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P2.165 10 Years of Experience: Comprehensive Sexual Health Services For Female Sex Workers (FSW) in Cologne
  1. H Nitschke1,2,
  2. F Oliveira1
  1. 1Public Health Office, Köln, Germany
  2. 2German STI Society (DSTIG), Bochum, Germany

Abstract

Background The introduction of the new infectious diseases act in 2000 in Germany abolished compulsory STI-screening of FSW. Since then, the public health office in Cologne has been offering a comprehensive sexual health service for people without access to the regular health care system. Services are provided anonymously and free of charge and are complemented by outreach activities in female sex work venues. The staff is multi-professional and multilingual. We analysed client data to prove effectiveness and range of services.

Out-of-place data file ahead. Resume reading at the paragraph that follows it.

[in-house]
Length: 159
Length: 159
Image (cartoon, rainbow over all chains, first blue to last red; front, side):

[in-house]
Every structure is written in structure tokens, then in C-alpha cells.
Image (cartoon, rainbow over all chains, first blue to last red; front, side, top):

Methods Since 2002 socio-demographic and clinical data of all clients visiting the counselling and medical services have been inserted in an Access data base. Data of all FSW who used the medical facilities between 2002 and 2012 were analysed using EpiInfo Software.

Results Between 2002 and 2012, 2217 FSW with 83 different nationalities were attended, with a mean of 355 persons per year. Mean age at first consultation was 27.5 years. The percentage of FSW of non-German origin rose from 65% to 87%. In 2002, 36% of migrant woman came from Central Europe, in 2012 72%. Per year, 48% of the patients seen were new, only 12% used the facilities for more than 5 years. In 2002, 41% had no health insurance, whereas 75% in 2012. The proportion of sexworkers tested positive was 12.6% for chlamydia infection, 4.3% for gonorrhoea, 0.9% for syphilis, and 4.3% for trichomoniasis. In 8.5% of FSW, a PAP smear IIID or higher was found. 5 FSW were newly diagnosed with HIV, 3 women were HIV-positive before first contact. At least once, 238 FSW were attended because of a pregnancy.

Conclusions User-friendly non-compulsory sexual health services are used by FSW considered hard-to-reach. Fluctuation is high and sexual health needs go far beyond STI-screening. Comprehensive gynaecological attention and outreach prevention as well as language skills are crucial.

  • Migration
  • Sex work
  • sexual health

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